As of the writing of this article, vehicle production has been suspended in many countries due to shortage of parts. Demand shocks are emerging for products such as semi-conductors, pharmaceuticals etc.

The importance of supply chain security

When one studies the subject of logistics, one always looks at supply chain security. This may be in preparation for geographic and natural reasons, infrastructure restrictions, political developments or man-made conflicts such as wars. But rarely do companies plan for this type of disruption, and if logistics managers are not geared for the multiplier effects the COVID-19, they may be at its receiving end soon as the real ramifications of the crisis have yet to properly hit the global supply chains.

There is no better time than now to understand the value of inventory management in the supply chain. Many companies take this subject lightly when doing global business whilst sourcing from foreign destinations. Most of them don’t have a Plan B and no proper scientific management of inventory based on forecast and time management. The bigger companies might have IT-based stock management systems but most others supplying bigger companies and customers have little management experience of inventory control. An efficient logistics manger should always have a rolling stock of essentials in transit apart from physical stock holdings. Depending on production cycles, most companies tend to have an inventory cycle of 30 to 60 days, going up to 90. 

30-day shutdown vs. 60-day shut down

The current situation may change this pattern soon and companies see a drastic change in demand and supply of products over the next 30 days. Simple economics says supply will be low, demand will increase, logistics space will be limited and an increase in logistics and inventory costs are on the cards as the situation develops. The shipping capacity by both air and sea are being cut down, blank sailings are increasing, and big money is lost by shipping companies. This going to hit the shippers sooner or later. Already it is reported that shipping lines are losing up to $350 million revenue per week due to trade slowing down.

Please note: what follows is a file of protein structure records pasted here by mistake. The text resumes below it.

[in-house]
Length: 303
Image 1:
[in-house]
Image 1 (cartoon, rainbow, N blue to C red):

If the crisis extends to 60 days, it will have serious impact on the global supply chains of raw material and semi-finished products and lead into shortages of products as well as other multiplier effects as time passes by.

Hope is not a strategy

The lesson for companies that don’t have solid logistics and supply chain plans is to first understand that logistics is a science that can help reduce cost and increase market access. Hoping that the crisis will be over tomorrow or day after is not a strategy. COVID 19 will be an eye-opener for many around the world to restructure supply chains as the dark side of dependency on single source supply chains are proven beyond doubt with this outbreak. It is indeed time to draw up Plan B of supply chains, using the diversification of sourcing as a supply chain security tool. Indeed, as the old saying goes – “don’t put all your eggs in one basket”.

The writer is an economist, currently working as the CEO of the Shippers’ Academy Colombo and the Chairman of the Logistics Advisory Committee of the Export Development Board.